Blazing a trail
From the time she was a young girl, Amanda Bray, MD, clinical assistant professor at the Texas A&M College of Medicine, always knew she was going to practice medicine, despite growing up in a small, rural area with no female physicians to look up to.
“There really wasn’t anything else that I could see myself doing,” Bray said. “What type of physician I had no idea, but there were times where I asked for a stethoscope and a doctor kit and all these things early on. It’s always been a dream, and I just stuck with it.”
Bray grew up in Many, a town in western Louisiana. As far as exposures to mentors in medicine, there wasn’t really anybody Bray could look up to growing up. Even in the surrounding towns, there were no women in medicine.
It wasn’t until the summer after her senior year of high school that she was introduced to an important mentor, the first female medical professional coming into her community, who helped inspire her to continue to pursue her dream.
“My grandfather was a dentist, and when he decided to retire, he sold his practice to a female dentist,” Bray said. “I decided to work in her practice over the summer and we had conversations about my decision to go into the profession because we grew up in the same hometown and she did not have any female mentors either. She helped inspire me to go into medicine.”
After graduating from Northwestern State University, where she earned a Bachelor of Science in biology, Bray attended medical school at Louisiana State University Health Science Center in New Orleans, and during the first three years of medical school, Bray was pretty set on being an OB-GYN. However, when she realized a lot of rural hospitals around her hometown area stopped delivering babies, her ultimate goal of moving back to her hometown to practice and serve her community would not be attainable if she went the OB-GYN route.
“I kind of had like a crisis of conscience, like ‘What am I going to do, and what have I felt like I’m obligated to do?’” Bray said. “So, it wasn’t until the last part of my fourth year, during the interview season, that I decided I was going to go into family medicine.”
Her decision to choose family medicine was due to her discovering that family medicine doctors also have the ability to deliver babies, conduct c-sections and provide as much obstetric women’s health care as an OB-GYN, something that Bray became extremely passionate about.
After learning that the Texas A&M Family Medicine Residency Program offered a lot of what Bray was looking for, she applied and was accepted into the program.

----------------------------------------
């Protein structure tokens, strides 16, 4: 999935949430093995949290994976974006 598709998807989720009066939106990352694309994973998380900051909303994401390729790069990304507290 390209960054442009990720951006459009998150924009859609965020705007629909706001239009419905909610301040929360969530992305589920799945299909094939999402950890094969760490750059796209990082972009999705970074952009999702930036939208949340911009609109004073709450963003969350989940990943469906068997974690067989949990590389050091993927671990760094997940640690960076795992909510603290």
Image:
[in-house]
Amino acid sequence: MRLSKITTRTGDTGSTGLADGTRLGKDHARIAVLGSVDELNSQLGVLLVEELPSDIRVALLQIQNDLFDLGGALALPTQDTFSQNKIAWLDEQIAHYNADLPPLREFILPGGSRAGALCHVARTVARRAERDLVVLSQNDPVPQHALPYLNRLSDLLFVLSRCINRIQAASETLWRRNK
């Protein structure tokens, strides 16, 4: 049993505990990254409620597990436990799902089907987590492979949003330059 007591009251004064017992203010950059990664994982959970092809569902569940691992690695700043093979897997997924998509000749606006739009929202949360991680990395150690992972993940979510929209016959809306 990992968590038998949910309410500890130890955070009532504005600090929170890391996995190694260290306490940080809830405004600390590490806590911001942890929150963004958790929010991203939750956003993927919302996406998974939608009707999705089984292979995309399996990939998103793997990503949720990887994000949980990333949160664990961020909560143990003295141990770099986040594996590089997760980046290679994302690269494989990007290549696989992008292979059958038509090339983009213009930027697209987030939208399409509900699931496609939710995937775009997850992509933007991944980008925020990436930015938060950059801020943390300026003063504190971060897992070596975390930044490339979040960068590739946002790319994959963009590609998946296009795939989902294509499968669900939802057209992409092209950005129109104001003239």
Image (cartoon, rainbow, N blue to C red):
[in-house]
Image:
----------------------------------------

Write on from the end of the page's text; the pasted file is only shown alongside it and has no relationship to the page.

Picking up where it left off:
“My experience at the Texas A&M Family Medicine Residency Program was amazing,” Bray said. “When I got here, I was a bit wide-eyed, I just couldn’t believe that I found something that satisfied my medical knowledge hunger, something that looks like an internal medicine program, but also served my women’s health hunger of delivering babies and taking care of the female population and just being a part of bringing in life experience. It was a wonderful experience to train here. I literally hadn’t seen anything like this, and I was just completely amazed.”
After finishing her residency, Bray did a fellowship year at the University of Texas at Austin Dell Medical School to learn even more in obstetrics and women’s health.
Her decision to join academics as a clinical assistant professor following her fellowship was not what she originally expected she would be doing, but it really checked off all her desires and needs for a career path in high-risk obstetrics and caring for the female population.
“Within the academic realm, you actually have the ability to do a lot of the things that I did in my training,” Bray said. “For example, I really like to do ultrasounds; I love being able to be there and show the mom her baby. In private practice, you wouldn’t be able to do that, but in my position, I get to not only teach the mom, but I also get to teach a lot of residents, the next generation of doctors. I also take care of really high-risk pregnancies, and I’m there to not only understand a lot of the medical aspects of their care, but also the obstetric aspects of their care. I feel like that gives me a huge vantage point of understanding the pathology of disease that not all doctors have.”
A typical workday for Bray can vary a lot, but it usually consists of going to the prenatal clinic and seeing pregnant patients, going to the ultrasound clinic to do fetal surveys and delivering babies at the hospital.
Bray believes the relationship between the patient and the doctor is vital, which is why she thinks it’s important for females to pursue medicine, and for aspiring women in medicine to have female role models in medicine.
“What being a female in medicine means to me is that I can understand a little more of what my patient’s going through,” Bray said. “I feel like that helps with some of the doctor-patient relationship, that there is a common ground to kind of help each other in a way, to just be a better patient advocate, as a female trying to help a female.”
As for her future goals and aspirations, she plans on finishing what she considers her obstetrical career in Texas, but her ultimate goal is to build her own practice by a lake in her hometown to serve her community and mentor high school students.
“I’ve always seen myself having that rural Louisiana practice, and it’s definitely something that I’ll do one day,” Bray said. “I want to go back home and serve those people who love me and have supported me and continue to pray for me. I want to be content and happy and continue to give back to the patients of my hometown community.”
The College of Medicine’s Annual Celebration of the American Medical Association’s Women in Medicine Month will be held virtually on Sept. 28, 2020, from 6–7 p.m. It is co-hosted by the Women in Medicine student organization and the Student Diversity and Inclusion Committee.